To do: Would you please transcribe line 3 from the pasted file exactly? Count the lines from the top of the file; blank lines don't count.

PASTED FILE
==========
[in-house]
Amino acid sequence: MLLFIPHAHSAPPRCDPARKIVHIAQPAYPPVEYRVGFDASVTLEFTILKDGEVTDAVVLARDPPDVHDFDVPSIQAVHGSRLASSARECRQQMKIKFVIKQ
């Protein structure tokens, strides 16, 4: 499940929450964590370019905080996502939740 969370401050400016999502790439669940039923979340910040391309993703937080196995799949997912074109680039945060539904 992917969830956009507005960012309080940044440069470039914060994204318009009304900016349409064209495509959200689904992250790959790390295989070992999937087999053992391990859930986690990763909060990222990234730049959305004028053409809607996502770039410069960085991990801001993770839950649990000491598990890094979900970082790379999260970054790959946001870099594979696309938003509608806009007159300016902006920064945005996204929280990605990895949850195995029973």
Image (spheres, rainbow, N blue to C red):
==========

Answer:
């Protein structure tokens, strides 16, 4: 499940929450964590370019905080996502939740 969370401050400016999502790439669940039923979340910040391309993703937080196995799949997912074109680039945060539904 992917969830956009507005960012309080940044440069470039914060994204318009009304900016349409064209495509959200689904992250790959790390295989070992999937087999053992391990859930986690990763909060990222990234730049959305004028053409809607996502770039410069960085991990801001993770839950649990000491598990890094979900970082790379999260970054790959946001870099594979696309938003509608806009007159300016902006920064945005996204929280990605990895949850195995029973």